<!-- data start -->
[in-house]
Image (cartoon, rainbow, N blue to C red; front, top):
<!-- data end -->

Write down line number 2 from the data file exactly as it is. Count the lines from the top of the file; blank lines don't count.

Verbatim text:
Image (cartoon, rainbow, N blue to C red; front, top):